Jackets in particular are no longer only worn when hiking: so-called functional clothing – breathable, rain-repellent and generally rather inconspicuous in terms of cut – has conquered urban areas.
A quarter of Germans plan to stock up on new functional clothing in the next twelve months, according to a survey recently conducted by Innofact on behalf of the International Trade Fair for Sporting Goods and Sports Fashion. Although that is a minus of seven percent compared to the previous year, the interest in jogging clothing and shoes decreased significantly more.
In times of inflation, such as the republic is currently experiencing, consumers generally save on fashion. The fact that functional clothing is losing less and that the importance of the outdoor market is more likely to grow in the long term can be partly explained by the pandemic: indoor sports and visiting gyms were temporarily restricted, which is why these activities had to be moved outdoors.
Fashion expert Carl Tillessen, chief analyst at the German Fashion Institute in Berlin, also sees a connection to the Corona measures: “Because the shops and restaurants were closed during the lockdown anyway, people went out into the country more often than into the city,” he says. “As a result, people today are much closer to nature than before. With the consequence that they also wear more outdoor clothing. Also in the city.”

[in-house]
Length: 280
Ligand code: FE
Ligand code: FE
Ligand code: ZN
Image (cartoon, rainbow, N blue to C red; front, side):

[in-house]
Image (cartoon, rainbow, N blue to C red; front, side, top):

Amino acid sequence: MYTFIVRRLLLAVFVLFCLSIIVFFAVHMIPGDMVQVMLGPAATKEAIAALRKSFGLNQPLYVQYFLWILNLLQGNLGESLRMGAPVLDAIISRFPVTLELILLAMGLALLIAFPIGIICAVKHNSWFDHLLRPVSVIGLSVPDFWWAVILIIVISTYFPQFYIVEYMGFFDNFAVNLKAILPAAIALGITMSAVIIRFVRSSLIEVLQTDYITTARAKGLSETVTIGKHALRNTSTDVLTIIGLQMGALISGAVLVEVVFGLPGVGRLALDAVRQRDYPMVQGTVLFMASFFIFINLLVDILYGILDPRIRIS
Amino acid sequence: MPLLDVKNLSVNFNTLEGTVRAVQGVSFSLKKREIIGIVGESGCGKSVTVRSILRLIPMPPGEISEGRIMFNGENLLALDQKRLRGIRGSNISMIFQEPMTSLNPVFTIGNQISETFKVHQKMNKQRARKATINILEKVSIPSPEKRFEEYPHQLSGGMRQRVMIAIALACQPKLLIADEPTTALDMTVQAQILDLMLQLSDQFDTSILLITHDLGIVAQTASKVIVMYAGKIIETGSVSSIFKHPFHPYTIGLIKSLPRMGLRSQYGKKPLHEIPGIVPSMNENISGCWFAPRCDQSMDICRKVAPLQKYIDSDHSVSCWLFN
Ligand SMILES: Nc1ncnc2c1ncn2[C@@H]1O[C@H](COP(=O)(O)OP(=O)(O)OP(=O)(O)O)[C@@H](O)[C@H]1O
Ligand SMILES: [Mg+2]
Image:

Tillessen, who used to have his own fashion label, also expects the trend towards more and more bright colors in leisure and outdoor fashion to pass. “Our gear is designed to help us connect with nature, rather than protect us from it.”
The fashion expert believes in a change that lasts: “We won’t give up the comfort that we once conquered.” This change is likely to have an impact on the coming fashion seasons: with muted colours, shades of brown and green as well as rustic fabrics such as corduroy, loden or leather.
But high-tech will also continue to play a role. “The method of protecting oneself from the cold with air chambers filled with down or hollow fibers comes from outdoor fashion and can be found today in jackets, waistcoats, to wear underneath or over, for summer or winter,” says Tillessen.
Such influences on general fashion are not new, even if they have often been forgotten. For example, when it comes to a trench coat, who remembers that it was a uniform coat in the First World War? “But bomber jackets and combat boots are also fashionable mainstream today,” says Tillessen. “Although the military origin is still recognizable here.”
However, he does not believe in constructing a connection between military events and military looks in fashion. “There are many items of clothing that have made it from the uniform to outdoor fashion and have become fashion trends from there, such as the parka.”
In the case of outdoor clothing, the trend towards mixing different living environments continues. There are now numerous outdoor brands – and many of them no longer just want to appeal to hikers and mountaineers.
Conversely, even luxury brands are eyeing nature lovers. The Italian fashion company Gucci recently teamed up with the US outdoor retailer The North Face and launched a joint collection of down jackets, overalls and hiking backpacks.
“Everything on shares” is the daily stock exchange shot from the WELT business editorial team. Every morning from 7 a.m. with the financial journalists from WELT. For stock market experts and beginners. Subscribe to the podcast on Spotify, Apple Podcast, Amazon Music and Deezer. Or directly via RSS feed.